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“In our rapidly polarizing nation, the work of BridgeUSA is more vital each year. That’s why I support BridgeUSA financially, and that’s why Heterodox Academy gave Bridge its Outstanding Student Group Award for 2018.“
– Jonathan Haidt, Author & Professor, NYU
“When political transformations happen, students almost always lead the way. The student founders and leaders of BridgeUSA are leading a positive political transformation in America. BridgeUSA’s campus leaders have the energy, dedication, and skill to end this cycle of hate and help us reclaim our democracy.“
– Bill Shireman, CEO, Future 500
“BridgeUSA…which already has chapters on over 25 campuses, is one of the leading student organizations dedicated to facilitating constructive political discussion.“
– Fortune Magazine
“Dialogue may not be the endpoint at this critical juncture in American democracy, but it presents an important alternative model to the better-publicized forms of on-campus political speech.“
– Washington Post on BridgeUSA
How Private Businesses Are Exploiting Polarized Attitudes of American Consumers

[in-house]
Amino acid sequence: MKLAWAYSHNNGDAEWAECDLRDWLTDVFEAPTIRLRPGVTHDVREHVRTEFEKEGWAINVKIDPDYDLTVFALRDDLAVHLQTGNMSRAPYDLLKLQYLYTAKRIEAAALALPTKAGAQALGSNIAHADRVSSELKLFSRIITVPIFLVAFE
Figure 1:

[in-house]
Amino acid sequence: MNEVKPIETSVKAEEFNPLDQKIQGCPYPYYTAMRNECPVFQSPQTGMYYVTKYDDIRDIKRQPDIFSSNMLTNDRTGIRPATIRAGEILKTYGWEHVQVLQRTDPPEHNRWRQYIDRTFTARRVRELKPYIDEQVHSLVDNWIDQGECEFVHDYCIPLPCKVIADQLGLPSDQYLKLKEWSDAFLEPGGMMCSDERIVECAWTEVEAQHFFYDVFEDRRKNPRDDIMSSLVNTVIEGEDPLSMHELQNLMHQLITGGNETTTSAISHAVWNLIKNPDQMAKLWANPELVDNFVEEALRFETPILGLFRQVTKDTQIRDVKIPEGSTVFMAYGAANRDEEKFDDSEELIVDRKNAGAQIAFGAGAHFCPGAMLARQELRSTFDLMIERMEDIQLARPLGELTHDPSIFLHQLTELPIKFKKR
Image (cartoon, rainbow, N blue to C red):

By Manu Meel What explains the rise of the Black Rifle Coffee Company (BRCC), Nike signing Colin Kaepernick, and AT&T supporting One America News? Each of these companies had an incentive to exploit the polarized attitudes of American consumers. In an age where everything is political, Americans’ consumption patterns are certainly not left untouched. And companies recognize this politicization of consumer behavior. After all, the north star of the private sector is maximizing profit and shareholder value. And maximizing profit involves understanding how to best market to potential customers. More importantly, maximizing profit also involves keeping the company relevant in the eyes of the next generation. Looking more closely at the BRCC, Nike, and AT&T as case studies, it is clear that each company’s strategy, to an extent, is driven by seizing market opportunity. We can certainly debate how much political pandering factors into decision making, but it is without question that pandering to politics drives business and deeper consumer engagement. BRCC has become the most prominent conservative coffee business, and it presents itself as an alternative to Starbucks’ left leaning politics. I admire BRCC’s focus on veterans, but it is evident that their appeal and growing market share is also a result of their messaging to a conservative audience. From weapon branded coffee flavors to hiring 10,000 veterans after Starbucks hired 10,000 refugees, BRCC has engaged in a creative branding campaign that taps into the conservative beliefs of many Americans. While BRCC represents a conservative case study, Nike’s signing of Colin Kaepernick to an endorsement deal is an example of a company exploiting left leaning politics. When signing Mr. Kaepernick, I am sure Nike’s leadership had motivations beyond profit. But it is notable that since the signing, Nike’s shares have jumped 62% from $80 per share pre-signing to $130 per share post-signing. Of course there are other factors involved in Nike’s shares increasing, but signaling to a left-leaning consumer base about it’s companies values certainly played a role in increased consumer confidence. Finally, a recent Reuters special report broke the story about how AT&T helped build the far-right news network, One America News (OAN). OAN founder Robert Herring has testified that the idea for OAN news came from AT&T executives after they realized they wanted “a conservative network.” It’s notable that AT&T also owns HBO and CNN, which are perceived as catering to a left leaning audience. If AT&T’s investment in OAN is not an example of a company recognizing the various political viewpoints that they must pander to, then I do not know what is. BRCC, Nike, and AT&T are only the tip of the iceberg when it comes to companies exploiting consumers’ political attitudes for profit. We saw similar examples of companies taking political stands with the introduction of the Georgia voting laws earlier this year. Now some may argue that companies exploiting consumer political attitudes is no different than companies exploiting other aspects of consumer behavior, such as the growing trend towards health-conscious eating. However, the polarization that we see confined to politics and media will only further engulf the private sector if this continues. Imagine a world in which you have banks that serve only conservative customers and banks that serve only liberal customers. Or a world in which pharmaceutical companies cater to right-wing beliefs and pharmaceutical companies that espouse left-leaning beliefs. We are already seeing this with conservative social media. Companies like Parler are on the rise because consumers believe the current social media giants have a liberal bias. In other words, what currently seems like a natural free-market tendency to capture maximum profit by catering to consumers’ political beliefs may turn into another wedge that divides American society. We already have Americans confined to their media bubbles. We don’t need Americans also confined to their own purchasing bubbles. If we want to rescue American democracy from the grip of polarization, we have to recognize the reality that many businesses face. It’s a self-reinforcing cycle where a more polarized citizenry leads to more political business strategy, which reinforces peoples’ bubbles because their purchasing decisions become one more political battleground to fight on. Therefore, the solution to the politicization of business is the same as the solution to the politicization of our individual beliefs. We must break the fever that is polarization by getting Americans to extend beyond their ideological bubbles. To get Americans to not see every political argument as existential. To help them divorce their consumer behaviors from their political attitudes. Yes, everything is politics. But right now, we all need a break.